The waterfront Odaiba district in Tokyo (pictured) is the most popular location for a casino resort in Japan, according to an online survey by Japanese advertisement and public relations agency Hakuhodo Inc.
The location was chosen as the most attractive for a casino resort by 25.9 percent of the respondents, with the southern Okinawa Prefecture coming in second, with 14.2 percent, Japan Times reported. Osaka, with 13.2 percent of all votes, came in third.
The survey of 4,700 respondents was conducted in March.
Estimates by Hakuhodo quoted by Japan Times stated that a casino resort in Odaiba could attract 24 million Japanese visitors per year – the forecast excluded international visitors. Excluding shopping spending, a casino resort in Odaiba could generate annual sales of up to JPY2.9 trillion (US$28.5 billion), the agency added.
Hakuhodo forecast that a casino resort in Okinawa could attract around 14 million domestic visitors a year, generating sales of JPY1.3 trillion. If located in Osaka, a casino resort could attract 13 million visitors and JPY1.9 trillion, according to its estimates.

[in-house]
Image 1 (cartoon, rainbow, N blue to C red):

The Japanese government plans to set up a new body to speed up the process of licensing and opening the first casino resorts in Japan in time for the Tokyo Olympics in 2020, a top government spokesman said earlier this month.
Casino legalisation in Japan will be a two-statute process. After an enabling bill legalising casino resorts at the conceptual level, a second piece of legislation would detail the specifics, including how they are administered and regulated.
The Cabinet Committee of Japan’s lower parliamentary chamber started discussions last month on the enabling bill. However, the Japanese parliament is now in recess.
GGRAsia has obtained a note of the main topics already discussed by the cabinet committee. In it, lawmakers give the clearest indication yet that they are interested in having foreign gaming operators involved in casino resorts. The note also shows that an entry levy could be imposed on foreigners as well as locals were casinos to be legalised in Japan.
Japanese Prime Minister Shinzo Abe has said his party will seek to pass the enabling law to legalise casinos in the next session of parliament. According to media reports, there are at least six prefectural authorities vying to host casino complexes: Osaka, Tokyo, Hokkaido, Nagasaki, Miyazaki and Okinawa.
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"I am not going to speculate on what the [casino licence refreshment] tender requirements would be. I have full confidence and faith in the Macau government to treat everyone fairly"
Wilfred Wong Ying Wai
President and chief operating officer of Macau-based casino operator Sands China